even my thoughts darken my days
so to the blood of Christ I plea
to cleanse from sin and sanctify me
so through Jesus only I can be holy

Wednesday, January 20, 2016


He who loves money will not be satisfied with money, nor he who loves wealth with his income; this also is vanity.
Ecclesiastes 5:10

Loving money and things is a sure means to an unfulfilling life. Money is not to be a master but instead a servant to us. But when we love wealth and income we will be controlled by it as it becomes what we worship, much to our frustration and dissatisfaction. It is no secret that most psychiatrists practice to affluent people in upper scale locations. The vanity of wealth guarantees a steady flow of clientele who find their hopes unfulfilled by money and things.

It is helpful to consider that Solomon wrote these words, a man who wielded both absolute political power and unlimited, unprecedented wealth. He literally had it all, yet knew that the love of money was an evil that left him hollow. He knew this by his own failures as recorded in his musings in the book of Ecclesiastes.

Of all the hypothetical lifestyles I could chase, I am most tempted to believe that wealth will satisfy me. Some of the temptation comes from living for 20 years in the suburban excessiveness of Johnson County, Kansas. But I grew up blue collar, lower middle class, always seeing people who had more, but not quite truly poor in my own home. We always had food, clothes, and shelter. But I sure envied kids who got cars for their sixteenth birthdays, never worried about how they'd pay for college, and didn't have to shop at thrift stores for school clothes. I grew up close enough to wealth to worship it from afar. But now, I daily remind myself of the vanity of riches. I repent of the love of money. I choose to trust and know that only God can be my satisfaction.

Tuesday, January 19, 2016

what it takes to wait

I wait for the Lord, my soul waits,
and in his word I hope;
my soul waits for the Lord
more than watchmen for the morning,
more than watchmen for the morning.
Psalm 130:5-6

Waiting isn't easy because time is a very precious investment. We really have so little of it, and waiting seems to take up so much of it. But those dim nights of waiting can be rewarded by the dawn of God's gracious light, if we can hope our way through, trusting God until then.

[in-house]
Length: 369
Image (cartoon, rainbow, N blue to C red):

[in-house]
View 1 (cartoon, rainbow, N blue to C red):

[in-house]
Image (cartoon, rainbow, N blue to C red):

This psalm gives us the way to wait: our hope must be placed in God's Word. We need to fill those dark times of uncertain waiting with the strengthening power and the hope of the scriptures. Why? It is in the bible that we find God's power, control over everything, His love for us, His grace toward us in Christ, His mercy, and His judgment at work. We can identify through scripture with just the thing we are waiting upon God to do and we can make it through, like a watchman on the wall, knowing that daylight will safely bring our hopes to pass as we trust in God through His Word.

So what I need most when I wait on God is hope. And I am promised to find hope by trusting God's Word. So I must read His Word, know what His Word says, identify with God's Word, and believe what He tells me in His Word and I will find hope in my waiting time, no matter how long or how dark.

Monday, January 18, 2016


Against him came up Nebuchadnezzar king of Babylon and bound him in chains to take him to Babylon.
2 Chronicles 36:6

Jehoiakim was the last true king in Jerusalem. Babylon marched in against him, laid a long siege to the city, captured the king and led captives from Judah away to far off Babylon. The curses of the covenant came into full fruition as Judah forsook the Lord, abandoned the worship of God in His temple, and made a mockery of His Law. The captivity that God warned them by His prophets came without mercy and took the king and the nation to a land that they did not want to live in, by a people both feared and hated.

Forcibly marched to Babylon, there the Jews would learn to humbly worship God, grieve over their sins, and wait again for God to bless them. For generations they would thrive in captivity as they repented and eventually after 70 years would be allowed to return. God would be gracious even in their worst loss.

Friday, January 15, 2016

blessings & curses

See, I am setting before you today a blessing and a curse: the blessing, if you obey the commandments of the Lord your God, which I command you today, and the curse, if you do not obey the commandments of the Lord your God, but turn aside from the way that I am commanding you today, to go after other gods that you have not known.
Deuteronomy 11:26-28

Israel was given this two sided admonition at the reception of the covenant at Sinai. God promised to bless their commitment to obey the covenant. There would be joy, security, and provision in their obedient worship. And that was good.

But God also explained that the covenant was built with curses for disobedience. If they chose to turn from the Law, their hearts following idols, then the curses of pain, instability, famine, and war would fill their lives. And those curses were designed to call them back to loving God and obeying the covenant.